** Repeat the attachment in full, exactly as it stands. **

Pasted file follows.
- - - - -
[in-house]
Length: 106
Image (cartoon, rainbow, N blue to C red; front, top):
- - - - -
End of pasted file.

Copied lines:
[in-house]
Length: 106
Image (cartoon, rainbow, N blue to C red; front, top):